Friday, October 24, 2008

Question from Antonia - Currency conversion and value

Hello. I am trying to ascertain a conversion value between the current currency and Tudor currency, particularly during the reign of Henry VIII. If anyone knows of an approximate conversion value it would be greatly appreciated, foremost for "pounds" but I would be fascinated to know the value of other Tudor coinage, such as crowns and shillings.

My confusion arises after reading different views of the annual pension amount of £100. In reference to Mary Boleyn (following the death of William Carey) I have read this referred to as "paltry". However, when the same amount is given to Jane Boleyn (nee Parker) following her husband's execution, I have read it described as "substantial".

Any help greatly appreciated.

5 comments:

PhD Historian said...

I am not aware of any simple mathematical formula for straightforward conversion between the "value" of Tudor coinage and modern coinage. There may be several reasons for this. First, modern UK coinage is decimalized (100 pence = 1 pound), but Tudor coinage was not (240 pence = 1 pound). Second, the Tudor period, especially the mid Tudor period, was one of rapid inflation, so that the "value" of the coinage changed significantly from one year to the next.

When I think of valuation of Tudor coinage, I do so in terms of its relative purchasing power. For example, when John Dudley needed to raise an army to move against Mary in July 1553, he offered the men of London ten pence per day to serve in his infantry ... and that was remarked upon at the time as an unusually high rate of pay.

That ten pence per day would equal 300 pence or 1 pound and five shillings per month (assuming a 7-day work week), which in turn equaled 15 pounds per year. Thus an income of 15 pounds per year was considered unsually high for a common soldier in 1553. Compare that to the average yearly basic pay for a US Army private in 2008 of $16,200 per year.

Hans Holbein received from Henry VIII thirty pounds per year for his work as court artist, and that sum was considered "substantial." One of Holbein's portraits of Jane Seymour was commissioned by Edward Seymour for the "princely" sum of ten shillings (1/2 pound). A photographic portrait today by a photographer of modern stature comparable to Holbein's (e.g., Annie Leibowitz, Herb Ritz, Bruce Weber) might cost two or three thousand dollars.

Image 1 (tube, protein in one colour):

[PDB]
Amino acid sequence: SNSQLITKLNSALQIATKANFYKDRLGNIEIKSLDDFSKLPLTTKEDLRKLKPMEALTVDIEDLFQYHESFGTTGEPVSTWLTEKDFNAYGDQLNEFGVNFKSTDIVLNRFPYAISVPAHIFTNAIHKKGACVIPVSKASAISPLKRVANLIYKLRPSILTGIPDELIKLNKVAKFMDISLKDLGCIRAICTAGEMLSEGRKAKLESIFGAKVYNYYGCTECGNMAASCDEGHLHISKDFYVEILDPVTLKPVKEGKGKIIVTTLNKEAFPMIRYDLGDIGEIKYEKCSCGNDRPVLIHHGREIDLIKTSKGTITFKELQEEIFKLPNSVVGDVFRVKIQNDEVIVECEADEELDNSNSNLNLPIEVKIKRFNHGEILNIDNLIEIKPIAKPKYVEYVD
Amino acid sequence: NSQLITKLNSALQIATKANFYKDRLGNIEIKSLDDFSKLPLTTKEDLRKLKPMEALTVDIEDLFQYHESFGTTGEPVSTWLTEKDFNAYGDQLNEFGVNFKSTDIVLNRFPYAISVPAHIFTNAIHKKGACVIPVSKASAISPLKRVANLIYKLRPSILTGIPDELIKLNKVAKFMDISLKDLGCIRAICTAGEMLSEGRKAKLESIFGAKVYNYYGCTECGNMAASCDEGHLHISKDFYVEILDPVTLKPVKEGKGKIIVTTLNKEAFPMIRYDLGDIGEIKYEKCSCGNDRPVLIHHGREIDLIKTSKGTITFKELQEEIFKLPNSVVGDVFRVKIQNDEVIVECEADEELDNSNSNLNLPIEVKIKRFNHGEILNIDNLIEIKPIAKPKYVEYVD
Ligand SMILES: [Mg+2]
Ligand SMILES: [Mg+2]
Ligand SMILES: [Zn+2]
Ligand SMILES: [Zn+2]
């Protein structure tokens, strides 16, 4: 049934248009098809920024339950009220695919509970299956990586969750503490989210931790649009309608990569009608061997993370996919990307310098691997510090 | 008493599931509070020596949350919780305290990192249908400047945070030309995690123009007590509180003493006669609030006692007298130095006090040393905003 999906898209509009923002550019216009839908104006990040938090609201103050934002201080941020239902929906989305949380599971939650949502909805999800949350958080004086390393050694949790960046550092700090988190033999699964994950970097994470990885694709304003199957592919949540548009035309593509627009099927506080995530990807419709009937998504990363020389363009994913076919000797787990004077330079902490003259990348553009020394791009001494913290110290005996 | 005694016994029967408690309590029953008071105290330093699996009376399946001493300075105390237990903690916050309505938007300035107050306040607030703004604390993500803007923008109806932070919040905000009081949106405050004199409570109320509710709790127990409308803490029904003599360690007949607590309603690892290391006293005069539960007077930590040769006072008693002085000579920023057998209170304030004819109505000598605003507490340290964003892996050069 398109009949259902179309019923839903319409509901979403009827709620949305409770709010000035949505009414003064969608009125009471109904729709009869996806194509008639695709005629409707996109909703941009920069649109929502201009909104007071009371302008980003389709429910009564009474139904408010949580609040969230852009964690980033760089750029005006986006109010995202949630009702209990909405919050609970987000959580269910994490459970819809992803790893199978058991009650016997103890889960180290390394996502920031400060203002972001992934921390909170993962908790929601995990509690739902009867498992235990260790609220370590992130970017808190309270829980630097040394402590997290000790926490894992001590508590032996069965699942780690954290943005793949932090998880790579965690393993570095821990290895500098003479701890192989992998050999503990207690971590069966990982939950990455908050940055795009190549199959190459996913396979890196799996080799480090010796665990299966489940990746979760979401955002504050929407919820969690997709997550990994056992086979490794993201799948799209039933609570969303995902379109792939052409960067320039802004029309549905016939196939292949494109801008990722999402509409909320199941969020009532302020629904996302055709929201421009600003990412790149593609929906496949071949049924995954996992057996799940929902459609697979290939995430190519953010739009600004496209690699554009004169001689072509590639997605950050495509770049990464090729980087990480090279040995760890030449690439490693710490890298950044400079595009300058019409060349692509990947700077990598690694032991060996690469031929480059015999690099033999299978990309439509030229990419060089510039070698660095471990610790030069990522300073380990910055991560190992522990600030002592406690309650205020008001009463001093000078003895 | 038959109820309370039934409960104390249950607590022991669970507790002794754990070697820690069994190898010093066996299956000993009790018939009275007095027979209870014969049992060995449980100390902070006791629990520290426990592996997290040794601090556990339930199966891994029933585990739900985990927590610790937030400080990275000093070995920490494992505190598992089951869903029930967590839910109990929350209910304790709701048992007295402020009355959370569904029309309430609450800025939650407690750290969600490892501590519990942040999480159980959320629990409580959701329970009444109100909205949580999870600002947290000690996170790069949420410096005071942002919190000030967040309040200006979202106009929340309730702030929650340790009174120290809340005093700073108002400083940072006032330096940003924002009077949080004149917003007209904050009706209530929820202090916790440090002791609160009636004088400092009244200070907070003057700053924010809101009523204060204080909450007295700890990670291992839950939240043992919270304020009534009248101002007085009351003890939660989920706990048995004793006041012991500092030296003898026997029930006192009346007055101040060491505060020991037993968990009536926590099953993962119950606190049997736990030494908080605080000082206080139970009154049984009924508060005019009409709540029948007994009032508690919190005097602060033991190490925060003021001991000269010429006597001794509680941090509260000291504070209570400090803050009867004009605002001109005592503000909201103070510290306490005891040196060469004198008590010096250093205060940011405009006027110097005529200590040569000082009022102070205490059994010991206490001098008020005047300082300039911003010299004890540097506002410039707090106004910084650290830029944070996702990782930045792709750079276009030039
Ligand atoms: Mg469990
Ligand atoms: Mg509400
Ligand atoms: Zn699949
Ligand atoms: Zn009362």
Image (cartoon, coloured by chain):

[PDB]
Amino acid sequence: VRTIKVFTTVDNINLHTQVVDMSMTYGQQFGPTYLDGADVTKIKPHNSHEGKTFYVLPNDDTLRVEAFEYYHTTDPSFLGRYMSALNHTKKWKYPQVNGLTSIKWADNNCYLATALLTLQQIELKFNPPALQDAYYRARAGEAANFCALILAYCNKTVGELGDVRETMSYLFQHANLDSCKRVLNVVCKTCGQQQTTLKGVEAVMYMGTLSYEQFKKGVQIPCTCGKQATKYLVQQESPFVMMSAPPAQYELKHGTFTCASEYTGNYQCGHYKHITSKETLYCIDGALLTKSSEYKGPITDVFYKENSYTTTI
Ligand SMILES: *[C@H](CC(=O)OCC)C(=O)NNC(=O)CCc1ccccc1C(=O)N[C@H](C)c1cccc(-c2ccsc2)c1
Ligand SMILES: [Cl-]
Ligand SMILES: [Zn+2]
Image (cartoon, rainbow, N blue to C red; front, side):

An outstanding horse fetched several pounds in the Tudor period. Our own modern form of transportation, the automobile, can seldom be purchased new for less than $15,000. And while comparing Tudor-era horses and modern cars may seem unreasonable, when the purchase price of the item is related to average annual incomes, it proves to be a valid comparison.

An annual income of just 40 pounds per year qualified a man for knighthood as late as the 1620s. In the earlier reign of Edward VI, that same amount was a substantial and quite comfortable living, or " upper middle class."

Whether pensions were/are considered "paltry" or "substantial" by Tudor onlookers and modern historians has a great deal to do with the recipient and his social standing. This was/is even more true for widows, who were reliant upon those pensions for their support, since they seldom inherited their husband's estates (especially if he had been executed) and aristocratic women were unable to earn an independent income.

For Mary Boleyn Carey, a pension of £100 is indeed small, considering that her husband had been a close associate of Henry VIII and had held numerous high offices. William Carey died "naturally" of disease and while still in royal favor. His son Henry inherited his estates, though Anne Boleyn bought his wardship and thus the income coming from his lands until he was an adult. Mary Boleyn Carey, widow of a favored court official, had to rely on that £100 to survive.